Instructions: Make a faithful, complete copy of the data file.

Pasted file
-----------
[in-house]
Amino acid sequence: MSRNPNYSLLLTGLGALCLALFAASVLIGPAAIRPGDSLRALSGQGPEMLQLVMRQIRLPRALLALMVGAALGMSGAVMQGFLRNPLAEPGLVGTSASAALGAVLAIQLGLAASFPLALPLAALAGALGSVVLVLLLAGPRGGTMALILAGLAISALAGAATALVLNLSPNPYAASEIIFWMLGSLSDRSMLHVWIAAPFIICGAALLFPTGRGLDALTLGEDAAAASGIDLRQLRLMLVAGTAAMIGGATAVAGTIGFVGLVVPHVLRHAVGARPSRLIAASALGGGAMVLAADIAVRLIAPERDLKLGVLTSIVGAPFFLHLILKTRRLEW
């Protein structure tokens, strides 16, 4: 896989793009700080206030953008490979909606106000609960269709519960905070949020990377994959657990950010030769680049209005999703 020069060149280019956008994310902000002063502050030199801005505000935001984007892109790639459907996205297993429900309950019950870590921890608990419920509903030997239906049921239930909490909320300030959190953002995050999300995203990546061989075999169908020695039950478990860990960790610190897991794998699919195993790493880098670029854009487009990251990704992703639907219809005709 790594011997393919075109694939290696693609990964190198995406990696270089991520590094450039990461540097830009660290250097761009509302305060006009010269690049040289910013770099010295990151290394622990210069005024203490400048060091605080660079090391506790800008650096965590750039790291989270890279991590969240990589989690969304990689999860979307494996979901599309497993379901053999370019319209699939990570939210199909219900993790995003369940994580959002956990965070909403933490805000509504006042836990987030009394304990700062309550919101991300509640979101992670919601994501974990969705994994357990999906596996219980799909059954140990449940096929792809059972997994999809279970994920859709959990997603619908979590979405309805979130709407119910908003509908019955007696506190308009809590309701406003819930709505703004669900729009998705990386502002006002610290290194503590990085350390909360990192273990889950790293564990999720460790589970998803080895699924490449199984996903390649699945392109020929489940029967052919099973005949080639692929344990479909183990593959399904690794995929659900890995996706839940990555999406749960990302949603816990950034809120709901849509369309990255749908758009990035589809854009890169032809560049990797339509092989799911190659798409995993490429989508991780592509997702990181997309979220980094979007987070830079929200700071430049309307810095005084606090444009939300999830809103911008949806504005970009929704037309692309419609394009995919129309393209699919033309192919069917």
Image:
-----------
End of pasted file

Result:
[in-house]
Amino acid sequence: MSRNPNYSLLLTGLGALCLALFAASVLIGPAAIRPGDSLRALSGQGPEMLQLVMRQIRLPRALLALMVGAALGMSGAVMQGFLRNPLAEPGLVGTSASAALGAVLAIQLGLAASFPLALPLAALAGALGSVVLVLLLAGPRGGTMALILAGLAISALAGAATALVLNLSPNPYAASEIIFWMLGSLSDRSMLHVWIAAPFIICGAALLFPTGRGLDALTLGEDAAAASGIDLRQLRLMLVAGTAAMIGGATAVAGTIGFVGLVVPHVLRHAVGARPSRLIAASALGGGAMVLAADIAVRLIAPERDLKLGVLTSIVGAPFFLHLILKTRRLEW
């Protein structure tokens, strides 16, 4: 896989793009700080206030953008490979909606106000609960269709519960905070949020990377994959657990950010030769680049209005999703 020069060149280019956008994310902000002063502050030199801005505000935001984007892109790639459907996205297993429900309950019950870590921890608990419920509903030997239906049921239930909490909320300030959190953002995050999300995203990546061989075999169908020695039950478990860990960790610190897991794998699919195993790493880098670029854009487009990251990704992703639907219809005709 790594011997393919075109694939290696693609990964190198995406990696270089991520590094450039990461540097830009660290250097761009509302305060006009010269690049040289910013770099010295990151290394622990210069005024203490400048060091605080660079090391506790800008650096965590750039790291989270890279991590969240990589989690969304990689999860979307494996979901599309497993379901053999370019319209699939990570939210199909219900993790995003369940994580959002956990965070909403933490805000509504006042836990987030009394304990700062309550919101991300509640979101992670919601994501974990969705994994357990999906596996219980799909059954140990449940096929792809059972997994999809279970994920859709959990997603619908979590979405309805979130709407119910908003509908019955007696506190308009809590309701406003819930709505703004669900729009998705990386502002006002610290290194503590990085350390909360990192273990889950790293564990999720460790589970998803080895699924490449199984996903390649699945392109020929489940029967052919099973005949080639692929344990479909183990593959399904690794995929659900890995996706839940990555999406749960990302949603816990950034809120709901849509369309990255749908758009990035589809854009890169032809560049990797339509092989799911190659798409995993490429989508991780592509997702990181997309979220980094979007987070830079929200700071430049309307810095005084606090444009939300999830809103911008949806504005970009929704037309692309419609394009995919129309393209699919033309192919069917």
Image: